I lived in the Flint Hills of eastern Kansas for nine years and took great pleasure in the sunlight, wind and wide-open prairie. Relaxation after a stressful week of work was easily obtained by laying in the grass to soak up the warm sunlight and feel the wind message my body.
Last spring I visited the Tallgrass Prairie National Preserve in east central Kansas to photograph and enjoy the Flint Hills once again. I began at the Lower Fox Creek School where I obtained two nice photos of the schoolhouse. Next, I headed down a hiking trail that began at the back of the schoolhouse and was appropriately named, “Schoolhouse Spur Trail.”
I carry quite a bit of photo equipment since I shoot a large format camera. My typical load consists of a 4inch x 5inch view camera (a “field” model which can be folded compactly to make it more suitable for hiking), four lenses, a regular bellows for three lenses and bag bellows for a wide-angle lens, film, film holders, a 1-degree light meter, color filters and a heavy wood tripod (weight is needed in windy environments).
When lunch, water, rain gear and a few other things are added, it is a lot to carry. Consequently, I also take a lightweight two-wheeled cart to hold everything. It is considerably easier to pull or push my gear on the cart than carry it. The cart allows me to cover several miles comfortably whereas I would strain carrying my gear without the cart.
It was my favorite kind of day for landscape photography. The sky contained plenty of large, well-defined clouds which produced big shadows on the ground as well as splashes of direct sunlight. Along the Schoolhouse Spur I attempted to photograph the natural beauty of the open prairie and the subject of today’s blog was one of those photos. It shows Fox Creek in warm sunlight as it winds across the broad expanse of the prairie in the Kansas Flint Hills.
The composition included a broad, grass-covered hillside in the foreground that gradually sloped down to Fox Creek where it met more hills which rose behind the creek. The scene simply “felt” like the Kansas prairie to me.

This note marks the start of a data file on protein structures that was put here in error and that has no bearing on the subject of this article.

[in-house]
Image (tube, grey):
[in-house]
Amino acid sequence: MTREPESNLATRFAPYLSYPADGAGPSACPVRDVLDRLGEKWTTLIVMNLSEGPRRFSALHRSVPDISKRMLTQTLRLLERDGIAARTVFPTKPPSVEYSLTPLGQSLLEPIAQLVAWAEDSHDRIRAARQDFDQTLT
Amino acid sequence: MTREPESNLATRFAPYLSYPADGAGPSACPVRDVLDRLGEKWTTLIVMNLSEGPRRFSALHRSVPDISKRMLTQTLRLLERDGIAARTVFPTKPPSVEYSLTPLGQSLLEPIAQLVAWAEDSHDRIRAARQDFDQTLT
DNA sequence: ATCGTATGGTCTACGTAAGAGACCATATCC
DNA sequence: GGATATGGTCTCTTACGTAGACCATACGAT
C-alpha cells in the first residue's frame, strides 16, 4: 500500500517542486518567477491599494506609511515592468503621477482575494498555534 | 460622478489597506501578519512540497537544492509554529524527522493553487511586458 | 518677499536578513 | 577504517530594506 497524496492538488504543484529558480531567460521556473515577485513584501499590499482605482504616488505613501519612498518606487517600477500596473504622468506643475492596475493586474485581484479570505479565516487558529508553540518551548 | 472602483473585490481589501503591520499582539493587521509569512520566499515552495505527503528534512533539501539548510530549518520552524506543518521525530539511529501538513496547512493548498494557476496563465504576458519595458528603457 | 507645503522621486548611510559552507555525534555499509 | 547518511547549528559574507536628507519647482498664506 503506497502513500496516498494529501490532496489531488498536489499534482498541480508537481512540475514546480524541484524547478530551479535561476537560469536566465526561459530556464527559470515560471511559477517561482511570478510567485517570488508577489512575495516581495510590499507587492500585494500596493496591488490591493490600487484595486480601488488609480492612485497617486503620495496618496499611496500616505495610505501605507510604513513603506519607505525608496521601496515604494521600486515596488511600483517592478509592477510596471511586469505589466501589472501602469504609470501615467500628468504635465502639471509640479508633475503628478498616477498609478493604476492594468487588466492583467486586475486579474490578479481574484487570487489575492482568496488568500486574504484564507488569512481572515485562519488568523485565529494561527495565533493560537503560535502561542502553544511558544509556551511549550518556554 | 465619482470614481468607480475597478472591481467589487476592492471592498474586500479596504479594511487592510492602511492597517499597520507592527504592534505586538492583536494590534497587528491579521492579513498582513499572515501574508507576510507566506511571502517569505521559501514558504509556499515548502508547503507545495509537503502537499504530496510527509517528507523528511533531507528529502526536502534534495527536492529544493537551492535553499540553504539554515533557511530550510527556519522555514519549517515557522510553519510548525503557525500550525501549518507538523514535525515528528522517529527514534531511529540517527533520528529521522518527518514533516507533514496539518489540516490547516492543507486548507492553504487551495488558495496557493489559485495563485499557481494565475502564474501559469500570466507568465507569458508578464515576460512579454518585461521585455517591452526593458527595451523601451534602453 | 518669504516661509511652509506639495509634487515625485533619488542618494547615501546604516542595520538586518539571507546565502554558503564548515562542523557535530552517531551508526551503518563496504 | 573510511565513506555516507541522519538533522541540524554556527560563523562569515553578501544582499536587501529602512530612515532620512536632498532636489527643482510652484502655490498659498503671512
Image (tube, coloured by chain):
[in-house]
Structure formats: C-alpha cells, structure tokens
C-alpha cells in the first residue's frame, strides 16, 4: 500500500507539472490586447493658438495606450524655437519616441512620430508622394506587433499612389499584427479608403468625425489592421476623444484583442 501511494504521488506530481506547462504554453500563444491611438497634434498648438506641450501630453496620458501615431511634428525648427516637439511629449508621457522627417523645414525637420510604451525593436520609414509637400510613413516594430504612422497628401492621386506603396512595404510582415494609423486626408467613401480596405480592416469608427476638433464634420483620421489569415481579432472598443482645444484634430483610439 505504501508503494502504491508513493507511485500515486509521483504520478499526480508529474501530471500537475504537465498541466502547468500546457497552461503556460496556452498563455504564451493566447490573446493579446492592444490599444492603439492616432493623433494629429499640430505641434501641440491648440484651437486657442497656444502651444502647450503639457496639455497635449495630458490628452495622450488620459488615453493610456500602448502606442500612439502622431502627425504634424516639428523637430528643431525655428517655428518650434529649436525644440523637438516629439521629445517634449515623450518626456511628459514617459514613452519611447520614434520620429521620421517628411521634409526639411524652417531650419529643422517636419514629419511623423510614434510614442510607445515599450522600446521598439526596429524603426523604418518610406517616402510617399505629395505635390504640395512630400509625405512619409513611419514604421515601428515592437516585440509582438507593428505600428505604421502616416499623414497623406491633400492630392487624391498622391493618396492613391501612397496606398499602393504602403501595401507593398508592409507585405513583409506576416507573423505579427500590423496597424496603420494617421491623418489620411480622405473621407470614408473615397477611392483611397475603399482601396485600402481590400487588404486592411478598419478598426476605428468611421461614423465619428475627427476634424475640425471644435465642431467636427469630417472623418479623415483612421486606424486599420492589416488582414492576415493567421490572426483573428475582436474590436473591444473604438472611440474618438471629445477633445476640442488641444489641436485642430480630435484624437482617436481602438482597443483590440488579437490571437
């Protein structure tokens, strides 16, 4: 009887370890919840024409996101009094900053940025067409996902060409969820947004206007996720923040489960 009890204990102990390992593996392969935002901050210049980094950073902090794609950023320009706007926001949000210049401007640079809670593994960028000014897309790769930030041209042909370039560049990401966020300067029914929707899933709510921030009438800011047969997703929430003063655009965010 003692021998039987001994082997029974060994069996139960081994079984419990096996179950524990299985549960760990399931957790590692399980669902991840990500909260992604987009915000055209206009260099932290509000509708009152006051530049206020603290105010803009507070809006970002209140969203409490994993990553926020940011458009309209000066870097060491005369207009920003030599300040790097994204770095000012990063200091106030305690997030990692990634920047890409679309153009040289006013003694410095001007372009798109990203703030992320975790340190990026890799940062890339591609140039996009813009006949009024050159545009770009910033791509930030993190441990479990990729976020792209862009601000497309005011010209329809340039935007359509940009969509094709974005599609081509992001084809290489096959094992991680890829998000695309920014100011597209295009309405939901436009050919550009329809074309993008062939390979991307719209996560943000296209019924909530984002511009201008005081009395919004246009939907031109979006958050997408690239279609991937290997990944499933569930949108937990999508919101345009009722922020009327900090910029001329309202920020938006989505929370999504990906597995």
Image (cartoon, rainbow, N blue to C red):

Nearly half of the composition consisted of clouds which needed plenty of structure to justify such a large area in the photograph. I observed the sky through medium yellow and dark yellow filters to subjectively evaluate their effects on cloud structure. Since clouds were so important to the image I selected the more powerful dark yellow filter.
I spent about five minutes watching the scene and concluded that two areas needed special attention. First, the foreground grass which occupied a large area in the photograph was very important because grass more-or-less defines the prairie. Consequently, the foreground needed emphasis and the rapidly moving clouds offered an opportunity to provide that. That is, I could wait patiently until shadows and areas of direct sunlight moved across the foreground to provide visual emphasis.
Second, Fox Creek itself was important because it tied the composition together. Similar to the foreground, visual emphasis could be provided through shadows and direct sunlight. I watched the scene and decided that trees along the creek looked best when some were illuminated by direct sunlight and the hills behind them were shadowed.
I had a plan and only needed patience while areas of sunlight and shadow moved across the scene. Fortunately, the sky had plenty of broken clouds and the wind rapidly moved them across the landscape to change the scene quickly. After only about fifteen minutes, areas of sunlight and shadow were positioned favorably so I exposed a sheet of Kodak Tri-X black & white film at 1/8 sec and f/32. The film was marked for normal (N) development.
The 4inch x 5inch black & white film was drum-scanned at my usual resolution of 5,000 ppi and 16-bit pixel depth to obtain a black & white digital image of nearly one GB in size. The image that was obtained from the scanner is shown below:
It is obvious that the film was not exposed and developed properly. More exposure was needed to deepen the dark tones and more development was needed (e.g. N+1) to lighten bright tones and achieve more contrast. Careless light meter readings were the cause of this problem but I was fortunate because no image tones were blocked without texture as pure black or pure white and the drum scanner provided good bit depth (16-bit pixel depth) so image tones could be adjusted readily.
PhotoShop’s Levels Adjustment tool provides image histograms. The gray-level histogram for my scanned film is provided below with dark-to-light tones of the histogram displayed from left-to-right.
The histogram clearly shows that the image lacked dark and bright tones but the problem was corrected quickly with a Levels adjustment. The black slider on the left was moved from 0 to 52 to increase image darkness while the white slider on the right was moved from 255 to 205 to increase image brightness.
Those adjustments stretched the histogram in both directions and increased image contrast. Pure black, pure white and all other gray levels were present in the image after Levels adjustment as the following histogram shows.